• John Bradley

            Yeah that would be gangbusters. I bet you could sell tickets to view it and the thread.

          • Trek

            For that matter, you could sell this on DVD! Just screen capture the website and BAM! Instant money! With royalties split between Grendl and Carson, of course. :)

          • Donnie

            Awesome idea.

            A guy who doesn’t know the first thing about writing a Hollywood spec reviewing a guy who couldn’t write a really good one.

            All tinged with the Irony that neither of them has produced anything remotely sellable.

            Sign me up!

          • gazrow

            What’s even more ironic is that you Done Deal Pro Carson haters can’t seem to stay away from this site!!!!

          • Donnie

            Hark, what’s that noise I hear?

            It’s probably just the wind!!!

          • gazrow

            Yeah – And it’s coming outta your own ass!!!

          • Donnie

            There’s nothing to this writing lark!!! No talent needed!!!! Just lots of exclamation points!!!!

          • gazrow


          • Donnie

            Exactly how I felt trying to get through “Offline.”

          • drifting in space

            Stop feeding the trolls, y’all.

          • gazrow

            Damn! I knew I should have thrown in a few more exclamation points to liven things up!!!!!!!! :)

          • drifting in space

            When I read it, that is exactly how I felt.

            A beautiful brunette flashes up on the screen.


            Should have been:

            A beautiful brunette flashes up on the screen!!!!!!!!


          • gazrow


  • garrett_h

    Glad to see ScriptShadow tackle found footage again!

    FF gets a lot of hate and I don’t really understand why. I guess people just assume it’s “easy” to do? Just film a bunch of crap and throw it up on screen! Well let me tell you, the FF I’ve been writing with my bro has been quite the task and has gone through several revisions. Not just a bunch of jump scares. It may not be period epic hard, but it is a task. Especially if you want to do it right.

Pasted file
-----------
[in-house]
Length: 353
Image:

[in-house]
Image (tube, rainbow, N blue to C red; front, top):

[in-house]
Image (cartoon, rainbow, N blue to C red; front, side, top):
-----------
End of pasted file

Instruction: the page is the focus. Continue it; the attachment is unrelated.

Or they claim that every FF film is a knockoff of Blair Witch Project? Which they aren’t. Look, it’s a trope. A tool. You’re manipulating the audience into thinking it’s real because of the camera. Does that make every slasher movie a knockoff of Friday the 13th because, “Hey! He used an axe! Now a chainsaw! Now a butcher knife!” Or every mob movie a knockoff of Godfather cause someone gets whacked? Nope. Other types of films share similarities but are never dismissed for them like FF.

    Look, I’m not saying it’s high art. Leave that to Wes Anderson (and if he every makes a FF film, I’ll be first in line!). But don’t dismiss it just because it doesn’t suit your taste. And don’t expect it to die when it can be filmed for $1 million, marketed for $20-30 million (or even less, if you use the viral approach), then gross $80-100 million worldwide. Studios would be INSANE to turn down that kind of potential return. It’s not going anywhere.

    As for Carson’s suggestions regarding how to make one good, he’s already hit on a few of the key points I considered when plotting our script. First, you HAVE to give them a reason to hold the camera. To many times I want to say, DROP THE CAMERA AND RUN. It’s the most annoying thing. Some scenes are unavoidable. Like the “looking at the monster” one Carson cites. The audience has to see the monster. I’ll forgive that. But in some cases, it’s like, “Why is this being filmed?”

    Also, I’ve read a few FF scripts where it’s literally impossible for ANYONE to be filming. Like, who’s holding the camera? And where? And how?